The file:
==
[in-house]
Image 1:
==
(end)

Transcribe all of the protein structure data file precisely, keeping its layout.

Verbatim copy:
[in-house]
Image 1: